If you’ve ever lived with cats, you probably know how much fun they can have with a paper bag. Here is a list of some of the other common household items that make excellent cat toys.
• Plastic Eggs- Fill them with unpopped popcorn kernels, peppercorns, dry beans, grains of dry rice or coins. These are great for visually impaired cats, and all cats love the sounds.
• Empty Cardboard Rolls- Pull treats or toys through the opening or place them inside the roll. Your cat will have fun chasing the rolls or swatting at the toys inside.
• Crinkled Tin Foil- Crumple up a sheet of tin foil to provide an interesting change in texture and sound from a cat’s usual ball toys.
• Rope/Cable/Tubing- To make string-like toys that are safe for unattended play, use materials that are thick and short, such as mountain climbing rope, bicycle break cables (with caps on the ends) and flexible plastic tubing.
• Drinking Straws- Look for straws in colors that contrast your flooring. Brightly colored straws are very popular with kittens!
• Driftwood/Firewood- Both are excellent, natural scratcher options that can last for decades.
• Corks- Corks are loads of fun to chase, and they also absorb scents. Store them in a bag of catnip for a few weeks to make them an even more enticing toy.
• Tissue Boxes- Place toys or treats in side to make these recyclable options irresistible to curious cats. Most pet supply stores carry studier, ready-made holey boxes.
• Finger Puppets- These toys are especially fun when filled with catnip and sewn shut. Be sure the puppets don’t have loosely attached beads, buttons or other baubles. Also, painted features should only contain non-toxic paint or fabric dye.
• Wrist Watches- Offer your cat your old, broken watch before throwing it out. Cats love them because your scent is on the band.
• Pom-Pom Balls- It is important to select balls that are too large to be a choking hazard. You can store pom-pom balls in catnip for an extra treat.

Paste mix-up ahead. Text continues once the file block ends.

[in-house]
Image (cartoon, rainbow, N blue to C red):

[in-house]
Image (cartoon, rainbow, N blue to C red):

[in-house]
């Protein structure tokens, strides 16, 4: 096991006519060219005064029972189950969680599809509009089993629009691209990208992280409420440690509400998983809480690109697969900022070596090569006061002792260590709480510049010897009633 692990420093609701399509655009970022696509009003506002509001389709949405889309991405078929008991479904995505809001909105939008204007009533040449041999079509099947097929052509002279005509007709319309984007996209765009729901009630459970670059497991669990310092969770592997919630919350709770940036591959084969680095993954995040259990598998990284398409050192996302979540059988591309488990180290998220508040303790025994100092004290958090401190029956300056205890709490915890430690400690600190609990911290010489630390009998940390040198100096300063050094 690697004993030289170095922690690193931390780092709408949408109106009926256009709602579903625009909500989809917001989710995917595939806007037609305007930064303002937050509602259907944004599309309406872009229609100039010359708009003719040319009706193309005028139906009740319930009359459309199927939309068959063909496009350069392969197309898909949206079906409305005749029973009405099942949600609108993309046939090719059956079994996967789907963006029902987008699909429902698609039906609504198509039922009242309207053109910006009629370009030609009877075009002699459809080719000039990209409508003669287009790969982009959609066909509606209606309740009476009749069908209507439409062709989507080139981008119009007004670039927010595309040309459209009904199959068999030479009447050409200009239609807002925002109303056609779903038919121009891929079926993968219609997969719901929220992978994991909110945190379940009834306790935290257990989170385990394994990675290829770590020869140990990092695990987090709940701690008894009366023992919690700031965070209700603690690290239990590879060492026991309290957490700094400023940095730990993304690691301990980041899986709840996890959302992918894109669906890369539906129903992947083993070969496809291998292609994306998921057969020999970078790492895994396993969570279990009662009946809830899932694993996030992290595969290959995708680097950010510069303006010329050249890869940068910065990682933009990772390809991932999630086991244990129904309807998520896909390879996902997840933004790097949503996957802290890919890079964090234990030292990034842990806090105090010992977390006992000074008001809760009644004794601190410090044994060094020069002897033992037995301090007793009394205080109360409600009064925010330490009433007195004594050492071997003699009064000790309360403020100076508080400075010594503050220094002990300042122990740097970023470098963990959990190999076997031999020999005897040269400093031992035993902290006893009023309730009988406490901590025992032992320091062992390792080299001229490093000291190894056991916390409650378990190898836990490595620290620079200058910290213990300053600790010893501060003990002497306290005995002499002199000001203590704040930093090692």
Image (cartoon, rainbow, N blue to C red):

What other toys have your cats found around the house? Share with us in the comments or on Facebook!
Find more ideas about homemade cat toys here.
This blog post was written by guest blogger Kari Kells, a professional pet sitter and pet parent to Raggedy Andy, Emma and Rumi. Read more tips and advice from Kari on her blog.
Did you know two-thirds of cats are susceptible to the effects of catnip? Whether they smell it or eat it, catnip can put your favorite feline under a spell.
The plant is not dangerous and even has been used in the past to treat humans for headaches and upset stomachs. Cattime.com even has tips for growing your own.
We do want to share a word of caution from our friends at the ASPCA®: Some cats become very excited when smelling or eating catnip, so be careful about petting or rubbing your cat until you know how she responds. When cats get overexcited, they can sometimes bite.
Read more from the ASPCA about cat toys.
Does your pup have a fillable KONG toy? If so, our friends at the ASPCA® have some great stuffing recipes you may want to try.
If your dog doesn’t have a KONG, you can learn more about this non-toxic, dishwasher-safe rubber toy with a hollow center here. KONG toys make your dog work for their treat and, in turn, help ease boredom and reduce destructive behaviors.